An Achievement, Though Not A Major One

by Tom Wacaster

A recent commercial showed a man pulling a bus with his teeth. A strap attached to the bumper was clinched in his mouth and used to pull a bus along a tarmac.  Dad would have said this was "an achievement, though not a major one."  In fact, those words might very well describe a large number of folks with such "unusual" talents. There was one man who had a life's ambition of setting the world record for spinning fifteen basketballs simultaneously.  Or how about the one who could, and did, drive a nail into his nostrils as a human "peg board."  In the overall scope of things I don't think that spinning basketballs or driving nails into the skull would rate very high when it comes to significant  achievements.  What it comes down to is priorities.  In Walt Disney's, "The Lion King," the theme song has these words:

"From the time we arrive on the planet,
And blinking step into the sun.
There is more to see than can ever be seen,
More to do than can ever be done."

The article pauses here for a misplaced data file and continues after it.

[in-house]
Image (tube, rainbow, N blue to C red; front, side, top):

None of us can ever hope to do everything, so we have to carefully choose what we will do.  Too much of our time is taken up with bobbles and bells that may entertain for the moment but in the final analysis provide no lasting value. Hence, we are admonished by our Lord to "seek ye first the Kingdom of God and His righteousness, and all these things shall be added unto you" (Matt. 6:33).  We admit that truth, but practical application sometimes is lacking.  Undoubtedly we would acknowledge that a worthwhile and responsible work is to be preferred to getting into the Guinness World Book of Records.  So likewise we would admit the importance of a well ordered life over one of disorder and rebellion.  Now consider this. Why is it that priorities come crashing to the earth when it comes to Christian responsibilities like prayer, study, and attendance?   Why do otherwise responsible adults allow the insignificant things of life to crowd out their service to God?  Is television really that much more important than Bible study? Is one more hour of sleep that much more important than an hour in Bible class with other Christians on Sunday morning? Is keeping company with guests more pressing than keeping our appointment at the Lord's table? Is that ball game, or fishing trip more valuable, more lasting, more significant than visiting the sick, or helping the needy?  Yet when we allow those insignificant and temporal things to interfere with our Christian responsibilities we have misplaced our priorities.  To be sure many of those things that get in the way of serving our God are important and significant when compared to other things that are temporal. But when compared with eternity, much of what the world might consider a noble achievement simply does not measure up.  It is only a matter of time until time will not matter. When we stand before God, with time behind us and eternity staring us in the face, the only thing that will really matter will be whether or not we have obeyed the Gospel and remained faithful to our calling.  Those two factors will not only have been an achievement, they will have been major achievements.